One of the most spectacular volcanic tunnels in the world runs all the way from the Volcán de la Corona to the sea. You may be wondering how on earth it was formed? Well, it started with a river of lava and as the top layer started to cool down, it formed a solid crust whilst the molten lava continued to flow beneath. As the lava slowed down and eventually stopped, it emptied into the sea and left behind a hollow tube. In some places the roof of the tunnel caved in, providing access to the cavern below. In Lanzarote, these holes are called jameos. From high atop La Corona you can make out about 20 such jameos in a row down towards the sea.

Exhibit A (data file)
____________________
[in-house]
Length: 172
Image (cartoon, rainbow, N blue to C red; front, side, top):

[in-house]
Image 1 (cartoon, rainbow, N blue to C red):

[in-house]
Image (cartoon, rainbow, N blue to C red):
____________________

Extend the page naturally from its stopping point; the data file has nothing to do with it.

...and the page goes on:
What makes this one of the most fascinating volcanic tunnels in the world is the combination of its sheer size, 7.8 metres in length, and the fact that two sections are open to the public thanks to the creative vision of César Manrique and Jesús Soto who devised the truly beautiful Jameos del Agua and the Cueva de los Verdes.
A visit to the Jameos del Agua soon reveals another reason why this tunnel is so special: the water. At the time of the eruption the sea level was about 100 meters lower than at present as a large part of the water was frozen during the glacial period. What’s more, the coast was about 1600 metres further out than currently, so the river of lava and back cave reached that far out. When this ice melted, the sea level rose and flooded much of the tunnel. This submerged area is called the ‘Tunnel of Atlantis’ – a scientist’s dream come true, as it is home to whole host of small species of creatures that are unique in the world.